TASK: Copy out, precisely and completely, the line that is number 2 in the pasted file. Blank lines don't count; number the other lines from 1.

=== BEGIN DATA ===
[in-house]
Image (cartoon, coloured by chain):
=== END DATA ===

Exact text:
Image (cartoon, coloured by chain):